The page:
FWIW, we do something similar when building binary debs. The script that does the RPATH-fixing is: https://code.ros.org/svn/ros/stacks/ros_release/trunk/rosdeb/resources/source_deb/fixrpath.py. It's prety much a Python version of your bash script.
Brian Gerkey gravatar imageBrian Gerkey ( 2011-04-20 03:36:47 -0600 )edit
0

answered 2011-04-14 22:31:19 -0600

Daniel Stonier gravatar image

updated 2011-04-14 23:10:24 -0600

I initially tried rejigging rpaths and then installing everything in the standard *nix directories, but ended up finding it easier (and with no real disadvantage except from my initial preconceptions) to just install a trimmed tree on the robot. Troy is working on rosbuild2 at the moment, so this will hopefully make this problem go away as rosbuild2 has a proper install step.

Only thing to make sure of when installing trees is those rpaths - need them the same on the robot as on the pc. I typically rosinstall a tree for each robot on my pc (and one or two for native pc development/testing). This is especially important if you're configuring the global rostoolchain.cmake (toolchains) or rosconfig.cmake (cpu flags). e.g. my pc is something like

/opt/diamondback       : my test/dev tree
/opt/waykook           : robot
/opt/skelly            : robot
/opt/iclebo            : robot
/opt/cafero            : robot
/opt/winmaster         : ros for windoze (mingw)
/opt/building_manager  : app dev environment

Just tarball the tree or synchronise via unison or rsync with your robot. Whatever method, just make sure to set alot of appropriate excludes/ignores (see that link for an example of some of the things you can drop safely, its by no means exhaustive). Even when size isn't important, it will speed up transfer.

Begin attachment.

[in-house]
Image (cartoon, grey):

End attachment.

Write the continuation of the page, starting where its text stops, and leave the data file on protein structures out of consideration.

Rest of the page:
If you haven't set aside space for this to work on /opt, then you can symbolically link to somewhere else and all the rpaths will be oblivious of the fact that you're using a symbolic link rather than a real dir, e.g.

mkdir /home/phil/ros/cturtle
sudo ln -s /home/phil/ros/cturtle /opt/ros/cturtle
rosinstall /opt/ros/cturtle myinstaller.rosinstall
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Unfortunately this approach doesn't work very well as we deploy software in the same /opt/ros/cturtle folders on different architectures (x86/arm) whereas /opt/ros/cturtle is also used on the working machines for a global x86 ROS installation. Right now I discovered the handy tool "patchelf"....
da-phil gravatar imageda-phil ( 2011-04-15 01:48:30 -0600 )edit
You could just as easily have two trees still, and use a symbolic link in /opt/ros/cturtle with a script to switch between the two (aka update-alternatives in ubuntu). Nonetheless, curious as to how you will fare with patchelf, let me know if you get a working solution and we'll post it on eros.
Daniel Stonier gravatar imageDaniel Stonier ( 2011-04-16 14:47:07 -0600 )edit
The problem is that /opt/ros/cturtle on my working machine is a global network-wide installation which is used by many other colleagues. Although I'm the maintainer with write-permissions within /opt/ros I don't want to make any changes to this directory at all. See my current approach in the answer below
da-phil gravatar imageda-phil ( 2011-04-17 21:17:18 -0600 )edit

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Asked: 2011-04-14 04:42:08 -0600

Seen: 1,007 times

Last updated: Apr 17 '11